A British man taking part in a COVID-19 vaccine trial has revealed the potential side effects of the shot.

Simeon Courtie, a writer and former children’s TV presenter, is one of the hundreds of people taking part in Europe’s first human trial run by the Jenner Institute and the Oxford Vaccine Group.

According to Oxford, the ChAdOx1 nCoV-19 vaccine is a weakened version of a common cold virus that causes infections in chimpanzees.

Speaking on Good Morning Britain on Thursday, Courtie said he was told the side effects would be “something along the lines of having flu”, and the severity would vary.

“I think at worst maybe a fever for a couple of days and some aches and pains,” he said.

“It shouldn’t be too disruptive to my life.”

Courtie said he will have his first dose next Wednesday.

“We are the safety part of this process to see if it’s safe, and after my trial there will be an efficacy trial in the community to see if it works on thousands of people.”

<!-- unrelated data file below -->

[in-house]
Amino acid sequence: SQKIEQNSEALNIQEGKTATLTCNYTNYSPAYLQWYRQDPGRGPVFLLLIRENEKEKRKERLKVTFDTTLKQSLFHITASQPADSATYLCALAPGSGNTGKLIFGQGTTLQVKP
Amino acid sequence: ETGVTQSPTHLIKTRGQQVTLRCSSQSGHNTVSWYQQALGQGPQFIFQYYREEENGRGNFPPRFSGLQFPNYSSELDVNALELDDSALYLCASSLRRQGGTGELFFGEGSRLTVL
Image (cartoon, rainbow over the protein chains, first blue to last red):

Courtie is one of the more than 800 people recruited for the study, which began on Thursday.

Half of the participants will receive the COVID-19 vaccine, and the rest a control vaccine which protects against meningitis but not the coronavirus.

Two people have been injected with the vaccine, which was developed in under three months at Oxford University.

Elisa Granato is one of the two volunteers who received the jab.

“Personally I have a high degree of confidence in this vaccine,” Granato told the BBC.

“Of course, we have to test it and get data from humans. We have to demonstrate it actually works and stops people getting infected with coronavirus before using the vaccine in the wider population.”

Sarah Gilbert, professor of vaccinology at the Jenner Institute and the leader of the pre-clinical research, said she was “very optimistic” the vaccine would work.

This article originally appeared on Over60.